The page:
LCF said...

Hi ChampDog...interesting post; when was the Malaysian ta scheme for ESPP changed? Where you get this info?

Allow me to share my experience on this at MNC A:

Previously, the subscription price (in 2008/2009)takes the lowest price within the 6 months window, and minus 15% from it. I was in ESPP in 2008/2009 but no more now. Now, the subscription price follows the closing price on the last trading day for the 6 months window. My colleague tried to pulled out from the money accumulated but not able to because it needs to be done 3 days before the last trading day. He ended up buying the shares at 52 weeks high, minus 15%. I am not aware of the rationale behind this change in my company before but after reading what you shared, this could be the reason perhaps?

Because like you said, it is not reasonable for you to be taxed (screw the tax system!) based on the average price of the share at the last trading day if your subscription price is equivalent to the lowest stock price within the 6 months period. However, to 'cater for' the Malaysian tax system, company change its ESPP system so the tax system does not look stupid but we still at the losing side for both cases.

Taking into your example, say, you accumulated $1275 from the 6 months salary deduction, which following the previous system, I can buy 50 shares at fair price of S25.5. Now, in the new system I described above, with average share price of $50 on last trading day, I can now only buy ($1275/$42.5) = 30 shares after 15% discount. So, my taxable amount now is, $7.50 x 30 = $225.

Therefore I end up having the same taxable amount, but I paid a higher price per share.

ChampDog said...

I thought you're another LCF! :) Anyway, thanks a lot for the comment.

I'm not exactly sure when the tax scheme for ESPP has been changed. I think it was started quite some time ago. It should be in 2008 if I remember correctly. In the past (for my case), the the average of the high & low market price on the day the shares are purchased is quite low. So, I don't really see the huge impact. :D However for this round, I have higher impact because the stock price in the closing window is pretty high. Now the stock price is drop about 20%, so if I sell now I"m basically getting taxed more which I"m not supposed to. All the while, I thought this is only applicable to stock options and RSUs. I can still close one eye but when this applies to ESPP as well, I think this is too much. :(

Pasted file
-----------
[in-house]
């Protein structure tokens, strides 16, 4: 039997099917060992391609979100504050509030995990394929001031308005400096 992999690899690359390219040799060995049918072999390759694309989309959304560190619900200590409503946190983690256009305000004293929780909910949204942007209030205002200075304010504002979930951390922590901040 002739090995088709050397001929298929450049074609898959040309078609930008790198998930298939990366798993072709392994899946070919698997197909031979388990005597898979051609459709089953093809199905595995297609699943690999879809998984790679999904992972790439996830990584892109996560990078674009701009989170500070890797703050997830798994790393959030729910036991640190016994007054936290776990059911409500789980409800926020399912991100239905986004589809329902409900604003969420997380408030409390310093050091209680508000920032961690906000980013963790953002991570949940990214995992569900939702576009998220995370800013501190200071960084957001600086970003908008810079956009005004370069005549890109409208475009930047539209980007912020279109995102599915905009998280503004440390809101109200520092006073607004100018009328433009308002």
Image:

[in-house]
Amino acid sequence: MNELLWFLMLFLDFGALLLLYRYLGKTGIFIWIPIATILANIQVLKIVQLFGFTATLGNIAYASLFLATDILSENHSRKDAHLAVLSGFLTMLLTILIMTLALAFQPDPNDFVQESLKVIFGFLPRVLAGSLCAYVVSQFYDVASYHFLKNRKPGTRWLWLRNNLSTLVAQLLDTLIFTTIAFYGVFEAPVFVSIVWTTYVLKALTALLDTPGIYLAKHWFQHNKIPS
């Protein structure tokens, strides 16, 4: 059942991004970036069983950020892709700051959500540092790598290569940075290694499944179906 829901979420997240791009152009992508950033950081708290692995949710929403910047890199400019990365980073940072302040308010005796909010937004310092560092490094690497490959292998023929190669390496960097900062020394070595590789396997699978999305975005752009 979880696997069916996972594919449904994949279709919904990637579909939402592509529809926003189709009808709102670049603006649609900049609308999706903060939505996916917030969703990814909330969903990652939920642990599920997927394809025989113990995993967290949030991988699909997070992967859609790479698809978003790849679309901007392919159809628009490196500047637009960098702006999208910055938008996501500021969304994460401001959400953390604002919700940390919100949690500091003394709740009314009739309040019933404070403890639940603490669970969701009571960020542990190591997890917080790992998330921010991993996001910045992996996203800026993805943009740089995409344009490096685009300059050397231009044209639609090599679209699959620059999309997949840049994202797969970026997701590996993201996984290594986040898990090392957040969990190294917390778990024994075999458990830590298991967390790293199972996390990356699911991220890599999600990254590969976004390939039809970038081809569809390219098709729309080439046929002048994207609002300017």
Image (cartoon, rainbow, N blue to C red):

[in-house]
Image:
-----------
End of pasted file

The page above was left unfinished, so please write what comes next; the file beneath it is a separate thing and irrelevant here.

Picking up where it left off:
I get this information from the payroll of my company when I tried to figure out why ESPP taxable income is a lot more higher than the 15% discount. You can check with either your HR or the payroll to understand this more.

I think every company implement the subscription price differently. Specifically, my company has 1 year window with 2 6-months enrollments and the subscription is based on whatever the lowest between "first day of offering period" and the "last day of the purchased period". It is not just the last day of the purchase period but that is only for my company. Hopefully they don't plan to change that soon.

I think I get your point now especially after looking at your example. The company purposely does this so that the difference is not huge between the "purchase price" vs the stock price at the ESPP closing period. Wow, this is really a nice trick. You hide a problem without people realizing it!!! At the end of the day, it is just taxed $225 as per your example which appears to be like previous tax scheme!

Speechless... but your company seems like pretty smart too.

Alvin Lim said...

:O :O this is not what our company told us for ESPP =_= maybe our company got it wrong? need to check with them :T

ChampDog said...

Do check it out and let me know. :)

HS Ooi, CFP® said...

Well, this is not "stupid" but getting "smarter". The government is finally catching up with the loop hole of ESPP. It shows that how much lost revenue the government had suffered in the past!